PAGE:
More on Donatas Motiejunas and Dwight Howard


I previously wrote about the differences between Donatas Motiejunas and Dwight Howard. Defensively, they are comparable. Offensively, DMo is much more capable. I dug up some additional data that supports the latter conclusion.

In the first piece I wrote, I mentioned that DMo’s FG% increases by almost three percentage points when he dribbles, whereas Howard’s decreases by almost six percentage points. This suggests that DMo is much better at putting the ball on the floor, such as posting up or driving, than Howard is. It also means that Howard should concentrate on catching and finishing, rather than manufacturing offense himself. Amazingly, despite these differences, Howard still dribbles and holds the ball more than DMo and almost every other center.

According to SportsVU and, Howard has attempted 327 shots this season and has dribbled 290 times before those shots. His FG% when he takes 0 dribbles is 72%. When he takes JUST ONE DRIBBLE, his FG% is 44%.  When he takes two dribbles, he’s down to 38%. His average number of dribbles per shot (0.887), is seventh in the league among all centers, and that’s only if you consider Boris Diaw a center.

DMo, on the other hand, has taken 482 shots and dribbled 378 times during those shots, for 0.784 dribbles per shot. When he dribbles once, he shoots 46%. When he dribbles twice, he shoots 60%.

Also worth noting is how long Dwight holds the ball when he touches it. On average, he holds it for 2.377 seconds each touch. That’s 8th in the league among centers. Holding the ball increases the risk of turnovers (you’re all nodding) and the chances that he’s going to dribble, which we’ve already established is a bad idea. DMo holds the ball for 1.872 seconds per touch, 24th in the league.

Just to offer some comparison, take Tyson Chandler and DeAndre Jordan,who have defined what it means to be a defense, rebounding, and dive to the basket center. Pretty much everyone who writes for this blog thinks that the team would be better served with Dwight playing more like these two because he would actually be better at doing what these two do. Chandler has shot 303 times this year, and dribbled 35 times on those shots. Jordan has shot 333 times and dribbled 58 times on those shots. They hold the ball 0.886 seconds and 0.761 seconds per touch, respectively. This catastrophe can be summed up in the following table.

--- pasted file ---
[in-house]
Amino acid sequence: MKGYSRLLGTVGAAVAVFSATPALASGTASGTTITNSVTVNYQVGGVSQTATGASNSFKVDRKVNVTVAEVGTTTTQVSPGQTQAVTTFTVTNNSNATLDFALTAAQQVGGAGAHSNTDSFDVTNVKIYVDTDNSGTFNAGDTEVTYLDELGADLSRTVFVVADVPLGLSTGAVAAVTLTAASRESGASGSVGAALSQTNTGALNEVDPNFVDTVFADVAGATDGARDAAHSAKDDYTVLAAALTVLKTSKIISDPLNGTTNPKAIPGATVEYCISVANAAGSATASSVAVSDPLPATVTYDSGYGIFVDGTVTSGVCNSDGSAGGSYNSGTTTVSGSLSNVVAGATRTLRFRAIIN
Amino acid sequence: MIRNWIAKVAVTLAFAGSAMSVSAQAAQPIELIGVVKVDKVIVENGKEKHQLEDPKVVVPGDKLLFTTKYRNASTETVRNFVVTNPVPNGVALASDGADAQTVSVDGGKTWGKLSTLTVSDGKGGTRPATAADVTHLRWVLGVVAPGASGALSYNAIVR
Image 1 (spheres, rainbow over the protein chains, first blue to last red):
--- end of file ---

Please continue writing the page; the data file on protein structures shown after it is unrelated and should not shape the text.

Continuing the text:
Player Shots Dribbles on shots Shot/dribble ratio Average time per touch
Howard 327 290 0.887 2.377
Chandler 303 35 0.116 0.886
Jordan 333 58 0.174 0.761


If you’re going to use possessions in the manner that Howard does, you better produce results. We already know that he doesn’t. Here’s data to prove it. Unbeknownst to me, Synergy data is now available through Ready for Dwight’s post up data? Avert your eyes! Hide the women and children!

Player Post up freq. % PPP FG% TO frequency % Score frequency %
Howard 50.7 0.72 41.60 17.3 39.6
Motiejunas 28.1 1.03 56.8 11.7 52.2

(That score frequency stat is the % of post ups that result in the team scoring at least one point)

Look at that! It’s just so bad. And now I’m going to make it worse. Here are their league rankings in these stats among the 48 players with at least 100 post ups.

Player Post up freq % PPP FG% TO frequency % Score frequency %
Howard 3 46 37 44 44
Motiejunas 18 1 1 26 1


Uhh. UHH. UHH. (Throws papers into air). Someone’s going to stop this madness… right?



About the author: Richard Li is an independent researcher and consultant. He likes numbers and pictures.

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